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Danish Marys, Signature Humor Mark Tribute to Bob Simon

by Karen Goff — April 11, 2016 at 10:15 am 8 Comments

Reston citizens, elected officials and old friends gathered at the Hyatt Regency Reston on Sunday to honor Reston founder Robert E. Simon.

Simon died in September at age 101, and there was no formal funeral or memorial service at that time. Sunday’s program, “In Celebration of the Life of Robert E. Simon Jr.,” served as a way for people to memorialize Simon, who would have turned 102 yesterday.

The gathering — which featured Simon’s favorite drink, a Danish Mary (Bloody Mary with Aquavit) — capped Founders Week activities in Reston.

The formal part of the service featured some of Simon’s favorite showtunes, including selections from Jerome Kern played by a string quartet and a piece commissioned with the Reston Chorale for Simon’s 100th birthday in 2014.

There was also a short film by Rebekah Wingert-Jabi, the director of Another Way of Living: The Story of Reston, VAThe film, made from some the footage from the longer-form Another Way of Living, captured some of Simon’s signature vigor and wit.

“From the waist up, I feel about 65,” he said on his 99th birthday. “From the waist down, I am about 125.”

Reston resident Kristina Alcorn recently published a book, In His Own Words: Stories From the Extraordinary Life of Reston’s Founder, Robert E. Simon. Alcorn gave an overview of Simon’s life before he founded Reston in the early 1960s.

She showed a slideshow of young Simon — with his sisters in New York City, bike riding in Europe as a young man, and at age 23, taking over as president of Carnegie Hall after the death of his father.

Gino Francesconi, Carnegie Hall archivist, said Reston and the famed performance hall have something in common. When the cornerstone of Carnegie Hall was laid in 1889, it was 3 1/2 miles north of midtown Manhattan.

Critics said pretty much the same thing when Simon envisioned Reston where there were dirt roads and cow pastures.

“But if you were good enough, people went the extra mile to see you,” said Francesconi. “And here we are sitting today on what was a dairy farm.”

Francesconi said he was pleased to meet Simon in his later years — and to give him his rightful place in Carnegie Hall history. Simon, Francesconi, discovered, knocked $250,000 off the price of of $5 million when he sold Carnegie Hall to the city in 1960. Reaching the deal saved Carnegie Hall from being torn down.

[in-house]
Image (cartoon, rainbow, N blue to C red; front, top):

“Bob Simon’s name will forever be linked to the history of Carnegie Hall,” said Francesconi.

Simon used the proceeds of the sale to purchase the Virginia acreage that would become Reston. Rep. Gerry Connolly (D-Va. 11th) and Sen. Tim Kaine (D-Va.) reflected on how Simon’s vision of an open and integrated community was revolutionary in 1962.

“At Harvard, Bob was blackballed from all the clubs because he was Jewish,” said Connolly. “Though Bob said that really did not influence him, he took not bitterness, but justice to be addressed when he decided this place would be an integrated place in segregated Virginia.”

“He loved every minute of it, his connection with the community he founded,” said Connolly.

Said Kaine: “Bob could have picked a lot of places in 1962 that would have been a whole lot easier. But Bob said ‘let’s be welcoming.’ That’s who Bob was, because of the experiences he had.”

  • Mike M

    Rich people are awesome! They are so, . . . rich!

    • ShutTheHellUP

      Had you attended the event- which was free to the public you would see how utterly STUPID your comment is- honestly I wish you would move to Mananas, or Leesburg, or any other place but Reston.

      • Mike M

        Thanks for the erudite feedback. But I’ve better things to do than worship the rich.

        See you ’round town, neighbor.

        Your “community” pal, Mike M. 😉

        • RestonNiceGuy

          How was this “worshiping the rich?” Are you suggesting that Robert Simon was rich? Do you have evidence of this? His lavish lifestyle? Expensive cars? Seems like he created a pretty good place for us all to live, doesn’t seem like a respectful send off is out of line, but hey- if that’s too much for you to muster, whatever.

          • Mike M

            The difference between Simon and the the rest of us is that he inherited wealth and then bought land upon which to impose his semi-utopian vision. That takes both wealth and supreme ego. Where and how the vast majority of Restonians live has NOTHING to do with Simon’s original vision. Most of his vision failed. In fact, he was contemptuous of filled the void. Read up.I am fatigued by the endless “respectful sendoff.”

          • RestonNiceGuy

            I’m sorry for your sad perspective and hope it’s not representative of your life.

          • Mike M

            Baaaa-aaa-aaa-aaa, not.

            Facts and mythology often don’t mix well.

            Better men than Bob bled out into the frozen floor of the Ardennes while he was having the time of his life due to a cherry “assignment” in Paris. Bob blithely boasted of his time in Paris for the rest of his life, seemingly oblivious that others were doing the heavy lifting of his time. You will never know their names, nor their potential. Line up. Kiss the ring! Bow to the Gods.

      • RoadApples

        Curious question: where is “Mananas”?

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